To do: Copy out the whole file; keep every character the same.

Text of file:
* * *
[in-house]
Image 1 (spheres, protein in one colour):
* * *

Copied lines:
[in-house]
Image 1 (spheres, protein in one colour):